Two researchers from the USA and Japan have won the Nobel Prize in medicine for discoveries that have revolutionised cancer care, turning the body's immune system loose to fight tumours in an approach credited with saving an untold number of lives.
The pioneering work of Allison and Honjo led to the development of several drugs, including ipilimumab (Yervoy), the first immunotherapy drug, and the PD-1 inhibitors nivolumab (Opdivo) and pembrolizumab (Keytruda).
Kim Hyo-sun tells us more. The inhibitors act as a brake on the immune system, and by blocking them it is possible to accelerate the body's ability to kill cancer cells. The resulting treatments, known as immune checkpoint blockade, have "fundamentally changed the outcome" for some advanced cancer patients, the Nobel institute said. "The immune system was neglected because there was no strong evidence it could be effective", said Nadia Guerra, head of a cancer laboratory at Imperial College London.
The pair were honoured "for their discovery of cancer therapy by inhibition of negative immune regulation", the Nobel Assembly said.
T-cells are a type of white blood cell that play a central role in the body's natural immunity to disease. Cancer cells can latch onto these checkpoints, allowing the malignant cells to go unnoticed. It permits them to recognize the cancer cells as foreign and attack them.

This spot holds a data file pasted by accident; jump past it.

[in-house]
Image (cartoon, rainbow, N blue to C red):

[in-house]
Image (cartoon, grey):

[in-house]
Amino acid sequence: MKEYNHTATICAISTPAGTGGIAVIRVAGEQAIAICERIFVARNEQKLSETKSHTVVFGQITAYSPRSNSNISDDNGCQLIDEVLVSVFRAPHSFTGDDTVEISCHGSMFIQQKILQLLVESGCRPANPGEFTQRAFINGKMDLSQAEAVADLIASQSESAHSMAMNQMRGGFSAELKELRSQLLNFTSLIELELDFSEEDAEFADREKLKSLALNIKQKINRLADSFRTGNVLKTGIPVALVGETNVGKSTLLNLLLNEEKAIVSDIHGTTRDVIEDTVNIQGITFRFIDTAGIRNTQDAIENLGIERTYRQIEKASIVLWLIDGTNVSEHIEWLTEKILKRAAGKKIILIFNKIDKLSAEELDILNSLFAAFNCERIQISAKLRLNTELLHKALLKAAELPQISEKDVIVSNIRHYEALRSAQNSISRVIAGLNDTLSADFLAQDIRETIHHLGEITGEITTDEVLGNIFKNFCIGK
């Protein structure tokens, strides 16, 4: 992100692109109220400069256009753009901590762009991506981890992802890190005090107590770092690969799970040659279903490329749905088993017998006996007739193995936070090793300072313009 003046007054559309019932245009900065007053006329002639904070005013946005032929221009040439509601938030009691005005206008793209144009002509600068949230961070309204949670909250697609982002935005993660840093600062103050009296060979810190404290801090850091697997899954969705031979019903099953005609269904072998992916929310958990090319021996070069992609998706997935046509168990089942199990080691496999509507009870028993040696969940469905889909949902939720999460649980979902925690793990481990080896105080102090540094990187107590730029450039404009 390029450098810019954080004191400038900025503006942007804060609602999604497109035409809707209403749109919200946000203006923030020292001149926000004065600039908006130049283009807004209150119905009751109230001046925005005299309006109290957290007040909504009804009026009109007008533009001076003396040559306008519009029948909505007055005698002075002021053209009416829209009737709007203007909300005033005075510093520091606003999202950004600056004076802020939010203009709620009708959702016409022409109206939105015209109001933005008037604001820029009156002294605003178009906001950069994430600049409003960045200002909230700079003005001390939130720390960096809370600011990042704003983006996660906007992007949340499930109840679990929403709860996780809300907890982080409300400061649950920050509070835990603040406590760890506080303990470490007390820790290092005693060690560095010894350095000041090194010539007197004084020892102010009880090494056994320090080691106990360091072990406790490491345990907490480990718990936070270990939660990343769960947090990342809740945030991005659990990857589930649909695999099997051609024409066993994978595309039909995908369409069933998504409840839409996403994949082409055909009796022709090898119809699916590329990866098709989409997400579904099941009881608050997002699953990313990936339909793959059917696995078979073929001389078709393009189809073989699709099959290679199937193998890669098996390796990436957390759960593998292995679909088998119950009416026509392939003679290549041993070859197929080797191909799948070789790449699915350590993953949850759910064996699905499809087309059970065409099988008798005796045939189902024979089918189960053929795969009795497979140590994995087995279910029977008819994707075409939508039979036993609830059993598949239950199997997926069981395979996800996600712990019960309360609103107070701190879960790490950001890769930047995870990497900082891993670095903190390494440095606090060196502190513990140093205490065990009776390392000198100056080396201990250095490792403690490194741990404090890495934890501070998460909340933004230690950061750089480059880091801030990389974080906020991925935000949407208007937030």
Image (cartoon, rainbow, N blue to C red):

Alison discovered another protein that acts as a "checkpoint" against the body's immune system called CTLA-4. "For some patients, we see their tumours shrink or completely disappear and are effectively cured".
Tasuku Honjo discovered PD-1, a protein expressed on the surface of certain immune cells.
"We know that some patients have a very low chance of responding. those with little evidence that these pathways are actively restricting the immune system, or those with cancers that are less heavily mutated", he said.
Allison and Honjo "established an entirely new principle for cancer therapy", according to a press release from the Nobel Assembly. Honjo assembled his team in the lab to enjoy the recognition.
At news conference later Monday in Kyoto, Honjo said what makes him most delighted is when he hears from patients who have recovered from serious illnesses because of his research. "I'd like to continue researching cancer for a while so that this immunotherapy will help save more cancer patients than ever before".
But this platform of studies and drugs will provide us with the foundation to understand how the immune system is structured and could be reactivated in every person with cancer, to try to solve this puzzle in real-time for each individual.
Currently, numerous drugs on the market are expensive and have side effects, reports Karen Weintraub for Scientific American.